Post-traumatic stress disorder is nothing new.

PTSD has been a defining injury of war since ancient times, manifesting in different ways and earning itself different names along the way.

In just the relatively brief history of the United States, what is now known as PTSD has been called soldier’s heart, battle fatigue, war neurosis, nostalgia, and shell shock. Each term tried to capture what exactly was going on in a veterans’ mind, but failed to grasp the complexity of experiencing and surviving traumatic events.

Society has largely failed to grasp those complexities as well, allowing for misunderstanding and stigma around PTSD that hurts veterans who need help coping and healing. PTSD and its manifestations are a pervasive obstacle in the way of veterans living healthy successful lives.

In a given year, the VA estimates these PTSD rates among veterans:

  • 11 to 20 percent of Operations Iraqi Freedom and Enduring Freedom veterans
  • 12 percent of Gulf War veterans
  • 30 percent of Vietnam veterans

PTSD manifests in many ways, from anxiety and irritability to flashbacks, depression, insomnia, and everything in between. Understandably, these symptoms are often enough to drive veterans to unhealthy coping mechanisms and challenging circumstances.

But though the outlook of PTSD’s weight on veterans and their families may look bleak, there is hope unlike ever before.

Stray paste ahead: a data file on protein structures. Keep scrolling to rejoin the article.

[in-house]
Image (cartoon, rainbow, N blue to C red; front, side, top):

In the past few years specifically, veterans and their families have become bold advocates for themselves, sharing their struggles and those of their loved ones. Being open and honest about PTSD has helped tear down the stigma of mental health problems, empowering more veterans to seek care.

Veterans are proving they are not broken or defined by their trauma, but rather they have a path forward to a stronger, healthier life.

Veterans have taken control of breaking down their own internal and external barriers, not just to get well for themselves but to lead the way for their fellow veterans.

Many find it helpful to seek traditional PTSD treatment and therapy with the Department of Veterans Affairs or to take advantage of access to non-VA community care through the VA MISSION Act.

Others have gone a non-traditional route, finding innovative treatments with their own unique circumstances. Veterans have begun to heal through:

Programs and nonprofits just like these are popping up all over the country, many established and run by veterans themselves. They seek to give veterans what they are missing in the mental health space – a method of recovery that empowers them and puts them in control of their healing.

This month, we’re proud to highlight innovations in PTSD treatment that are helping veterans live healthier lives. PTSD might be a defining wound of war, but it doesn’t have to define the veterans who live with it.

If you or someone you know is struggling with PTSD or mental health issues, the Veterans Crisis Line is available by calling 1-800-273-8255 (then press 1) or texting 838255.  The Vet Center is also available and staffed by combat veterans and military families ready to talk about military experiences and any other issues veterans are facing. That number is 877-WAR-VETS (927-8387).